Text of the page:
I should want a father. I really should. How many people get a second chance with a new father? Well, probably a lot, with all of the blended families and whatnot, but not too many get the opportunity that I have.
I have a brand-new father who wants a relationship with me. He’s my birth father, and he’s great. He’s kind and caring, upbeat and sweet, and he’s wanted to know me since I was conceived. He calls me from time to time, and when I pick up the phone, we talk for hours, but when he misses me, I don’t call back. I tell myself I’m going to call back, but I never do.
I tell myself I don’t call because I don’t like talking on the phone, but if that’s true, why do I feel the need to call my birth mother at least once a week? We talk for a while, and that doesn’t bother me at all. In fact, I enjoy it. So what is going on?
My husband cracked it the other day. He said that since I never really had a good relationship with my father, that I’ve trained myself to have no use for fathers. I think he’s right. For a long time, I didn’t believe men in general were capable of love. That changed when I met my husband, thank God, but I guess I never really shook the feeling that men had nothing to give.
I guess I should explain about my dad. My dad, who with my mother, adopted me as a baby, didn’t seem to have much to give. When I was little, I remember taking walks with my dad, and sitting on his lap as he read me the comics, but as I grew, I became less and less what he wanted, and we spent less and less time together. By the time I was twelve, all we did was fight. That lasted until I was 30, and my mom started her slow decline into Alzheimer’s. My dad and I started to talk civilly about my mother then. She was the glue that held us together. But she died two years ago.
My dad was an engineer. In some circles, that speaks for itself, but let me explain. As long as I’ve known him, he’s never had more than three friends. He’s not interested in people. In fact, he’s so self-absorbed that he has no conscience about lying to or cheating others. When we sold my first car, on the day that the buyer was picking it up, I caught him removing the stereo. The buyer test-drove it with the stereo, I argued, and he expected it to be there. I did convince my dad to put it back. And honestly, he would never have installed that stereo in another car. He would have put it in his basement along with the blender motor he couldn’t bear to part with and it would sit there, collecting dust forever.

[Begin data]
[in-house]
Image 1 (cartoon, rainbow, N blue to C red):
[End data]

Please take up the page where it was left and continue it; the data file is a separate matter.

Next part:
My dad never looks anyone in the eye. When you talk to him, his eyes are always off to the side or studying the ceiling. My first therapist said he did it because he was frightened – frightened of the world, frightened of other people, frightened of people knowing him. He took an assertiveness training class for work once. Work insisted that he go was more like it. When I asked him about the class, he said people were giving examples from their own lives, hoping that the teacher could help them be more assertive. He said he didn’t want any part of that.
Back to frightened, when I told my parents that my uncle molested me, he couldn’t even stand up to him. Years later, he walked up behind him and said, “I know what you did to my daughter,” but when I was young and still vulnerable, nothing.
My dad keeps everything to himself. The biggest sin in our house was to talk about what went on there. We didn’t do anything really unusual, but that was the admonishment nonetheless. But the biggest thing my dad keeps to himself is money. He doesn’t spend money, and he works money into every conversation, like “I had the lamb shank. They didn’t leave enough meat on it for what I paid.” To his credit, he’s helped me out when I lost a job, but he complained with every check. I used to buy him gifts for birthdays and Christmas, but he complained and told me not to buy him those things. Finally I just sent him money. He hasn’t complained since.
So my dad doesn’t let people in, and now I’ve got a chance with another dad who does. Why am I not taking it? I guess I just don’t know how to have a father/daughter relationship. What would a new father want from me? Would I be any good at being a daughter? I don’t know, but I need to figure it out because I’ve got an amazing opportunity out there, and I’m letting it slip away. That’s why I will call my birth father on Father’s Day. That’s why I will talk to him and I will take my second chance at being a daughter. That’s why, in the future, when he calls, I’ll make sure I call him back.